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A print publication that is just over 50 issues old and has spawned a global media business can be considered a minor miracle these days.
Not surprisingly, Monocle is no ordinary publication and it owes its success to the vision of its founder, Tyler Brulé, who also launched Wallpaper* – another success story.
That publication was sold to Time for $US1.6 million, which gave Mr Brulé the readies for another venture once his non-compete restriction passed (he had already fallen out with the suits at Time).
Monocle defies easy categorisation and has a view of the world that encompasses Mr Brulé’s three main obsessions: design, air travel and interesting businesses.
I last noted the magazine when it assessed soft power, giving New Zealand a strong boost (New Zealand features a lot in Monocle; issue 50 features the Herbsts’ architecturally-designed bach in Piha).
Over Easter, I was stranded, mediawise, in Timaru where the local dairy had only the Sunday News (a customer claimed the Sunday Star-Times hadn’t been published) and no longer sold out-of-town dailies.
Digital media was also out of the question, so Monocle was it, mainly because it shares my view that Japan is the most interesting country in the world.
In issue 50, Monocle rates the world on its Charming Index and as a bonus includes a handy pullout tourist guide to Japan. It’s an irresistible bargain.
The world’s top 10 charmers include a Swiss train, a London office, a street in Beirut, the city of Hamburg and Kagoshima airport in Japan.
An essay by Stephen Bayley defines charm as vulnerability rather than power, basing its meaning on the Greek notion of charisma.
“Charm alone will get you through,” he concludes.
World Bank gets second best
The World Bank is not an outfit you will find in Monocle. It is getting ready for a new boss and that means a world power play.
Plenty has already been written about the candidates put forward by countries who think the bank should be about them, while the Americans, who fund it, have other ideas.
Their choice, physician turned academic Jim Yong Kim, is the most criticised in years and, on paper, lacks the qualifications of his rivals, both of whom have international finance experience.
Although he now runs the Dartmouth business college, Mr Kim has been portrayed as a die-hard socialist. Take Commentary magazine’s backgrounder:
In 2000, Kim co-edited the subtly titled Dying for Growth: Global Inequality and the Health of the Poor. The Noam Chomsky inspired work seems to make the case that the World Bank is an evil capitalist tool and that economic growth in developing countries…kills:
“This book seeks to fill an important gap in knowledge by examining the documentable health effects of economic development policies and strategies promoted by the governments of wealthy countries and by international agencies such as the World Bank, the International Monetary Fund (IMF), and the World Trade Organisation.”
And, Commentary goes on in further quote:
“Using Cuba as an example, Chapter Thirteen makes the case that when leaders prioritise social equity and the fundamental right of all citizens to health care, even economically strapped governments can achieve improved and more equitable health outcomes.”
As for the other candidates, Nigeria’s finance minister, Ngozi Okonjo-Iweala, is a clear favourite in Africa, while former Colombian finance minister José Antonio Ocampo has strong backing from Brazil.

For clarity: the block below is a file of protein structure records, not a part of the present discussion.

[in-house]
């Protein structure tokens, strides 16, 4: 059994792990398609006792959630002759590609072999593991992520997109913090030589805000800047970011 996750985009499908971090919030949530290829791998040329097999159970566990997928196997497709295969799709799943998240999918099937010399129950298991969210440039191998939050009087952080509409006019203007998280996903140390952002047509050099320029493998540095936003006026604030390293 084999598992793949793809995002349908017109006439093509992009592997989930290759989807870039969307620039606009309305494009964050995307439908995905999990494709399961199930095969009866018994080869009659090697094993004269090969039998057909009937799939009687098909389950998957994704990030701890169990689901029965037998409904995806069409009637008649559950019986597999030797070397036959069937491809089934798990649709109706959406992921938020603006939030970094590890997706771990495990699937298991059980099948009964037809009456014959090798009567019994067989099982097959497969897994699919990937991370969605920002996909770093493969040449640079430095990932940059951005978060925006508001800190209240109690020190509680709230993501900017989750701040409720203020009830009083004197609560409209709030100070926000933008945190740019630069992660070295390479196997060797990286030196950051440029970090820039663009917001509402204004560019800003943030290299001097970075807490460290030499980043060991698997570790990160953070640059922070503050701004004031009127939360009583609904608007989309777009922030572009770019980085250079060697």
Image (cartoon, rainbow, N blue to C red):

Tears for Argentina
The country that Labour should admire most is going to new lengths to build industry behind its fortress economy.
Customers of online booksellers such as Amazon were told that their imported books would be held up at airport customs until they went there personally and proved that the books contained less than 0.06% lead in the ink.
Meanwhile, closer to Labour’s heart, The Economist (which has dropped Argentina’s statistics on grounds they are unreliable) reports that the central bank has had its mission changed for the first time in 20 years.
It had a plaque that said its “primary and fundamental mission [was] to preserve the value of the currency.”
It now has a new mandate: “to promote, to the extent of its ability and in the framework of policies established by the national government, monetary stability, financial stability, jobs and economic growth with social fairness.”
Argentina is famous for its currency crises and its efforts to achieve stability. It ran a currency board from 1991-2002 to help overcome chronic inflation. It later defaulted on its overseas debt and then sharply depreciated after cutting its link with the US dollar.
Breaking up is hard to do
Now it’s the turn of the euro common currency to provide lessons for the future. While it’s too soon to know how this drama will unfold, you can bet it still has some way to go.
The most fascinating exercise has been the Wolfson Economics Prize challenge of how a country such as Greece can best exit the eurozone.
Top economists are competing for the £250,000 prize and those who reached the shortlist have been asked to go into more detail.
The eurozone is a much more daunting entity than the Soviet Union or the Austro-Hungarian empire when it comes to currency breakups.
Most agree an exit has to be fast and secret, with stamped banknotes and capital flight control. One entrant, Jonathan Tapper, explains:
Typically, before old notes and coins can be withdrawn, they are stamped in ink or a physical stamp is placed on them, and old unstamped notes are no longer legal tender. In the meantime, new notes are quickly printed. Capital controls are imposed at borders in order to prevent unstamped notes from leaving the country…
Once new notes are available, old stamped notes are de-monetized and are no longer legal tender. This entire process has typically been accomplished in a few months.
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